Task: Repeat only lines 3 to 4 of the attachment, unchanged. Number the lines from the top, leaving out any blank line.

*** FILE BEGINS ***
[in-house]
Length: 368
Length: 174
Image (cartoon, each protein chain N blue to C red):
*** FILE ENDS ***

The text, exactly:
Length: 174
Image (cartoon, each protein chain N blue to C red):